For me, making friends there was one of the main highs of that experience. I never expected to stay in touch with any of them, let alone be so close but two years on and our friendship is still as strong as ever. They definitely made my time there even more enjoyable and have helped me grow as a person a lot over the last two years.

 

The other way that I have made blind and visually impaired friends is through blogging, through the power of the internet. I never expected that I would make friends through writing blog posts and commenting on others posts. My Blurred World Thinking Out Loud-Sassy Style and Yesterdays Wishes are three of my best friends and I couldn’t imagine my life without these girls.

 

There are so many reasons for why having blind and visually impaired friends is so important for me and I’m going to discuss those with you. Firstly, they know the everyday struggles, embarrassments and achievements that you face. Whether that’s completely embarrassing yourself at university, making a silly mistake in a shop or becoming more confident with a cane etc., they know and understand it all. You name it, they’ve probably been there. They’ll either laugh at your misfortune or be like “you know what, I’ve been there too, we’ve all done that and warn the t-shirt”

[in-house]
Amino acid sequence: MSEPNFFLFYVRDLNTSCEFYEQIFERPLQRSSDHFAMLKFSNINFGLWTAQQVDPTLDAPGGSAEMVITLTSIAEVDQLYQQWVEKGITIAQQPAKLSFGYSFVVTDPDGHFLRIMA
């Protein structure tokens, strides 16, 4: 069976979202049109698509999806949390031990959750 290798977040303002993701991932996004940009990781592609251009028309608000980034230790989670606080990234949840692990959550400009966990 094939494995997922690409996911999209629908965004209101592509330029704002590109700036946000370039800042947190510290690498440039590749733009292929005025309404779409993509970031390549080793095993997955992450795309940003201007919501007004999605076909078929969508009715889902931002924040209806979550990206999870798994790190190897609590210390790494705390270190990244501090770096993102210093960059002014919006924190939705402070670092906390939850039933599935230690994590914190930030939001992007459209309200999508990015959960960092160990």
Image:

They can pass on useful tips and tricks. If I’m struggling with something to do with my disability, I always go to my girls because they more than likely know the answer.

 

They help you grow in confidence. The majority of my VI friends have had confidence and self-esteem issues just like I have and for most of us that’s often been due to our disability or people’s lack of understanding. We know how each other is struggling or what they’ve been through and we’re so proud of each other when they get passed that point even when they thought they couldn’t.

 

They’re always there to have a rant with! Whether that’s on skype/the phone, in person or via text…they get everything you’re saying and that sure does make you feel so much better!